Netflix recently produced an eight episode series called Heartstopper. I was “hesitant” to watch it due to Netflix’s debatable reputation for rom-coms and queer shows. But over this weekend, although somewhat late, I clicked on the thumb nail and…
I LIKED IT OK, IT WAS GOOD… I watched it twic- thrice, I watched it three times.
If you haven’t watched it I’ll give you a run down of the plot. We meet Charlie who is an openly gay kid that was bullied and outed. In his new class he meets Nick, the star rugby player of the school who’s presumably straight. Charlie immediately starts to fall for Nick, much to the dismay of his supportive best friends, Elle and Tao. Throughout the season, the show explores self discovery, the balance of friendship and romance, trans and homophobia, bullying, and other prevalent teen topics.
I think coming of age shows can be kinda hard to pull off. They can be super unrealistic and cliche, so here are some things that I think Heartstopper did well:
Elle is a Black transgender girl played by a trans actress, which is already great right off the bat. But, one thing that I appreciate they did with her character was not making it a big deal. She transferred over to the girls’ school before the season “started”, no one misgendered her, questioned her identity, etc… it was super refreshing for a character to be “casually” trans.
- They let Nick be bisexual
Often times when a character is realizing/questioning their sexuality, they write them to be completely gay, when thats not really the case. With Nick, they took the time to let him process his feelings and they just LET him identify as bi.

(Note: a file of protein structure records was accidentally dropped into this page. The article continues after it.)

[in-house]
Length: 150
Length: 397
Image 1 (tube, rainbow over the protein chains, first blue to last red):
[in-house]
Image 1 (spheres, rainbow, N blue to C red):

- Tara and Darcy
The lesbians!! They’re interacial! Their ark in the story was them coming out as a couple. They followed the more classic gay storyline of coming out and suffering from homophobia. They’re relationship wasn’t overly sexualized, they were consistently secure with each other. The writers treated them as a normal relationship.
- From comic to screen
Heartstopper started off as a graphic novel/webcomic. One thing that I admire they did was, one, include the author in the final episode and, two, a lot of the scenes were from the comic shot for shot. The frames were extremely similar which I think was super neat of the production team. From what I’ve heard the show was true to the story.
Admittedly, I’m a sucker for cliche, cheesy Netflix’s rom-coms. I obviously know how bad The Kissing Booth is. But have I watched all of them?… Yes. So sure, maybe the bully is SUPER cringy and it’s kinda weird that they only text each other on Instagram, but overall it’s like really good. We’ve come a long way since Love, Simon. It’s bingeable, bittersweet, charming, and overall just worth a watch.